Microgrids coming to two Ontario power utilities

Tesla-Powerwall-microgrid-utility-power-distribution-solar-wind-renewable-energy-storage-EDIWeekly

Two Ontario cities are moving ahead with plans to incorporate utility microgrids in their traditional power grids. A microgrid is a small-scale local energy grid with its own power resources, generation and loads. Microgrids, can disconnect from the main power grid when necessary, as in a main power outage, and continue to operate autonomously. Microgrids have been set up to power single facilities, such as hospitals, as well as larger areas, such as a complete university campus.

The utility that serves 119,000 customers in the Ajax area, Veridian Connections, announced that it plans to create two residential microgrids in the second quarter of this year. One of the microgrids will generate 10 KWh of solar power and employ a 14KWh lithium-ion battery for storage. The other will use solar combined with a 7KWh Tesla Powerwall energy storage system. According to Opus One Solutions, which designed the software to run the microgrids, the system will minimize the cost of electricity under time-of-use rates.

The president and CEO of Veridian, Michael Angemeer, said that the planned residential microgrids provide an ideal opportunity for integrating renewables and take the utility a step further toward adding all types of microgrids, to the benefit of both Veridian and its customers.

Earlier, the city of Sault Ste. Marie said it was requesting proposals for economic analysis of a planned microgrid. The city’s utility company, PUC Services, has been working on the project since 2013. Sault Ste. Marie, a city with a population of 75,000, already generates 189 MW of green electricity from a wind farm, as well as almost 400 MW of hydroelectricity and 60 MW from a solar installation. A combined heat and power plant provides another 70 MW.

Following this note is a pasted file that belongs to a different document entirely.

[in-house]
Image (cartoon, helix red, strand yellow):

The Sault Ste. Marie utility, according to Microgrid Knowledge, has already determined that a microgrid would reduce system voltage and improve efficiency and reliability. It will do this by incorporating voltage regulation technology to allow it to reduce distribution voltage at will. Voltage reduction reduces energy consumption, and therefore saves customers money on their energy bill. Voltage optimization, meanwhile, improves distribution system efficiency. Demand management gives the utility to control customer energy consumption at peak demand times.

Did you miss this?

Other Popular Stories

  • Agile robotic arm could catch space debris, falling humans
  • Manufacturing sector faced difficult conditions in September: survey
  • Hyundai Plans to Sell Millions of BEVs
  • Pipeline companies support new government regulations
  • SNC-Lavalin wins large Paris metro contract
  • National Energy Board not doing enough to ensure pipeline safety: report
  • Industry-academic R&D cooperation to boost Ontario's aerospace sector
  • Safer tank cars coming as railways ship more oil than ever
  • GM investing $250 million at Ingersoll plant
  • Bombardier workers unite with company management in support of "battle" against U.S. based aerospace giant Boeing Co.
  • LNG, fracking, desalination driving growth in industrial valves
  • REE and American Axle & Manufacturing to co-develop new electric propulsion system for e-Mobility
  • Canadian manufacturing continued to slide in December, though not in Ontario
  • Solar power companies report growth
  • NASA says human Mars landing is feasible by 2030s
  • Green building booming but Canadian companies lag in R&D
  • Graphene discovery could revolutionize fuel cell function
  • Engineers Design Self-Eating Rocket Engine for Launching Satellites into Orbit
  • Researchers studied successful manufacturers for lessons for the future
  • Natural gas industry outlines challenges, opportunities in Canada
Scroll to Top